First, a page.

The Scribe Who Gets The Candidates' Vote

Des Moines Register columnist and blogger David Yepsen, right, talks politics with Register reporter Ken Fuson in the newsroom.
Des Moines Register columnist and blogger David Yepsen, right, talks politics with Register reporter Ken Fuson in the newsroom. (By Gary Fandel For The Washington Post)

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By Shailagh Murray
Washington Post Staff Writer
Tuesday, December 18, 2007

DES MOINES -- Back in May, when speculation burbled up that Hillary Clinton might bypass Iowa, David Yepsen dashed off a blog entry comparing the New York senator's campaign to previous clunkers, including the early days of Reagan 1980, Gore 2000 and Kerry 2004. "Just as those candidates realized their campaigns were top heavy and sluggish -- and that they personally needed to reach down inside themselves to be sharper and better candidates -- so, too, does Senator Clinton now," wrote Yepsen, the Des Moines Register's veteran political columnist.

A little while later, the phone rang. "Senator, why are you calling me?" he asked, startled to hear Clinton's voice. "Well, I read your blog," she replied, and she wanted more details about what he thought was wrong with her campaign. Several days ago, with her status in the Hawkeye State looking wobbly as the Jan. 3 caucuses loom, Clinton had dinner with Yepsen, huddling in a private room at a restaurant here with her Iowa campaign director, Teresa Vilmain.

The three gossiped about Iowa politics and the state of the race.

At 57, having covered every campaign here since 1976, Yepsen is the old-journalism king of the Iowa caucuses. He is also the new-journalism king of the Iowa caucuses. Heck, if the Iowa caucuses had their own currency, the bills just might have David Yepsen's face on them.

With his matter-of-fact newspaper assessments of candidates and their campaigns and his popular Register blog, launched for the 2008 cycle, he makes 'em and he breaks 'em. A positive Yepsen column is tantamount to an A-list endorsement, generating its own cycle of campaign press releases and news coverage. And if Yepsen goes negative, it can force a campaign to make changes real quick.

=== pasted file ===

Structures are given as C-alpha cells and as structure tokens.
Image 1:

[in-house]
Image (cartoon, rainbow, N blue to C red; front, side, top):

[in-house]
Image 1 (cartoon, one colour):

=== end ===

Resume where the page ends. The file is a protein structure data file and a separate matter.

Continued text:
Consider his glowing online review of Illinois Sen. Barack Obama's Nov. 10 Jefferson-Jackson Day address. Posted early the next morning, Yepsen declared, "Obama's superb speech . . . could catapult his bid." The piece got so many hits that one of the Register's servers crashed. It was picked up by Internet news sites, from ABC to the Chicago Tribune, cited as validation of Obama's sensational performance.

Three weeks later, Yepsen posted his toughest entry this year, lecturing Obama for informing out-of-state Iowa college students in a piece of campaign literature that they are eligible to participate in the caucuses, now just over two weeks away. "These are the Iowa caucuses," Yepsen wrote on Nov. 30. "Asking people who are 'not from Iowa' to participate in them changes the nature of the event."

Not many out-of-state students will be around on Jan. 3, and even if they are, it is 100 percent legal for them to participate. But the offending Obama flier has since dropped out of circulation. It may have been above board, but to Yepsen the effort just wasn't kosher.

"It jumped out at me as something that would offend Iowans," he explained in an interview. It pierces a purity about the caucuses that Yepsen strives to protect -- a purity that, should it be lost, could cost Iowa its coveted first-in-the-nation slot, and Yepsen his professional franchise.

Iowa caucusgoers are a uniquely American political subculture, a collection of civic-minded individuals in both parties who are willing to take the time to attend candidate rallies, endure endless robo-calls, and generally tune in to the presidential horse race a year before anyone else in the country. They are older; they watch news instead of game shows. They are the kind of people who attend city council meetings -- and two days after New Year's, they may be selecting your next president.

Burly and vaguely academic-looking, with a shock of wavy graying hair, Yepsen is the journalistic embodiment of the Iowa caucuses. He wears a brass belt that reads "Newsman." And somehow he has never grown cynical.

He expects the best from politicians and believes everyone, even the long shots, deserves to be heard. There aren't too many reporters who get personal phone calls from Hillary Clinton. Yepsen waves those off and wonders why he can't get an interview with Bill.


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